12.7 Web App Pen Testing
Web Application Pen Testing
- Web application pen testing is used to identify, analyze, and report vulnerabilities such as input validation, buffer overflow, SQL injection, bypassing authentication, code execution, etc. in a given application.
- The best way to perform penetration testing is to conduct a series of methodical and repeatable tests, and to work through all of the different application vulnerabilities.
- Identification of Ports: Scan the ports to identify the associated running services and analyze them through automated or manual tests to find weaknesses.
- Verification of Vulnerabilities: To exploit the vulnerability in order to test and fix the issue.
- Remediation of Vulnerabilities: To retest the solution against vulnerability to ensure that it is completely secure.
- The general steps involved in web-application penetration testing are listed below to give you an idea of how to proceed:
- Define Objective
- Information gathering
- Configuration management testing
- Authentication testing
- Session management testing
- Denial-of-service testing
- Data validation testing
- Business logic testing
- Authorization testing
- Web services testing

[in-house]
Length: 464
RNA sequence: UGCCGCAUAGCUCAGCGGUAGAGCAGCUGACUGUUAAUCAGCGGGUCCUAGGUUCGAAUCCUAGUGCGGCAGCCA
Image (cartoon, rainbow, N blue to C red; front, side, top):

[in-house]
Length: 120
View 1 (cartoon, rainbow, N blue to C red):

- AJAX testing
- Document all the findings
- Retrieve and analyze robots.txt file using tools such as GNU Wget.
- Use the advanced "site:" search operator and then click "Cached" to perform search engine reconnaissance.
- Identify application entry points using tools such as Webscarab, Burp proxy, OWASP ZAP, TamperID (for Internet Explorer), or Tamper Data (for Firefox).
- To identify web applications: probe for URLs, do directory-style searching (intelligent guessing) and perform vulnerability scanning using tools such as Nmap (Port Scanner) and Nessus.
- Implement techniques such as DNS zone transfers, DNS inverse queries, web-based DNS searches, querying search engines (googling).
- Analyze error codes by requesting invalid pages and utilize alternate request methods (POST/PUT/Other) in order to collect confidential information from the server.
- Examine the source code from the accessible pages of the application front-end.
- Test for recognized file types/extensions/directories by requesting common file extensions such as .ASP, .HTM, .PHP, .EXE, and watch for any unusual output or error codes.
- Perform TCP/ICMP and service fingerprinting using traditional fingerpriting tools such as Nmap and Queso, or the more recent application fingerprinting tool Amap.
Configuration Management Testing
- Identify the ports associated to SSL/TLS wrapped services using Nmap and Nessus.
- Perform network scanning and analyze the web server banner.
- Test the application configuration management using CGI scanners and reviewing the contents of the web server, application server, comments, configuration and logs.